Perhaps a more significant question that has yet to be addressed is that of a minimum maintenance exercise dose for the prevention of reversibility after RT in older adults. A comprehensive exercise program that continues indefinitely is ideal; however, many individuals will not continue their intensive program consistently for a prolonged period. Therefore, identifying the minimum dose needed to promote sustainability is crucial if RT is to be embraced as a viable and broadly applicable sarcopenia countermeasure. Trappe et al. (39) demonstrated in five older men that prescribing a maintenance dose equivalent to one-third of the weekly volume used during the RT program was sufficient to maintain muscle strength and whole muscle size for 6 months compared with five older men who underwent strict detraining. However, three important issues regarding maintenance dosing efficacy remain: (i) potential age differences, (ii) minimum dosing required, and (iii) fiber-type-specific adaptations.
The purpose of this study was to determine the age-specific efficacy of two different exercise doses toward the maintenance of gains in muscle mass, myofiber size, and voluntary strength, as well as maintenance of the IIx-to-IIa shift in myofiber phenotype, induced by a 16-wk period of an intense, progressive RT in the young and old. We hypothesized that the minimum dose of resistance exercise required to maintain training adaptations would be greater in older adults versus that in young. To test the hypothesis, we randomly assigned individuals to one of three groups after they completed the 16-wk training program. The detraining/maintenance phase 1 included a detraining control that ceased training and two programs that were equal to one-third or one-ninth of the weekly dose used to induce hypertrophy (24).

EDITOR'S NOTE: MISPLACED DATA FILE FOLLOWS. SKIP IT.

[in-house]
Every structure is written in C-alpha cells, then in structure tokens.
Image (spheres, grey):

Seventy adults from the Birmingham, Alabama metropolitan area were recruited into two age groups: 60-75 yr (n = 31, 64.1 ± 0.6 yr) and 20-35 yr (n = 39, 27.5 ± 0.6 yr). Subjects were free of any musculoskeletal or other disorders that could potentially affect their ability to complete testing and/or RT. Subjects were not obese (body mass index <30 kg·m−2) or had any lower extremity RT experience within the past 5 yr. None of the participants were being treated with exogenous testosterone or other pharmacological interventions thought to influence muscle mass. The study was approved by the institutional review boards of both the University of Alabama at Birmingham and the Birmingham Veterans Affairs Medical Center. Before participation, each subject provided written, informed consent.
Phase 1: progressive RT (n = 70).
The RT program that was used has previously been described in detail (24). Subjects trained the knee extensors 3 d·wk−1 for 16 wk. Subjects performed a 5-min warm-up on a cycle ergometer or treadmill before each training session. RT consisted of three exercises, including knee extension, leg press, and squats under the direct supervision of a clinical exercise physiologist who held current American College of Sports Medicine-Health Fitness Instructor and National Strength and Conditioning Association Certified Strength and Conditioning Specialist certifications. Each exercise was performed for three sets of 8-12 repetitions using resistance exercise stations or plate-loaded stations (barbell squats and linear 45° leg press). A standardized rest period of 90 s was used between sets and each exercise session lasted approximately 35 min. Initial training loads were based on 75%-80% of baseline one-repetition maximum (1RM) strength. As training progressed, resistance was incremented when a subject completed 12 repetitions for at least two of the three total sets at a given resistance while maintaining proper form (25). The typical increase in resistance was 2.3 kg for knee extension, and it was ∼5% for leg press and squat. The goal of this progression was to induce volitional fatigue in the 8- to 12-repetition range for each subject throughout the training program. A minimum adherence rate of 83% was required for participants to remain in the study, and adherence averaged approximately 91%.